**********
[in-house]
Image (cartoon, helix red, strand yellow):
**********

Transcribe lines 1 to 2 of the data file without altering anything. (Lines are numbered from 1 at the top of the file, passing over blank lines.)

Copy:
[in-house]
Image (cartoon, helix red, strand yellow):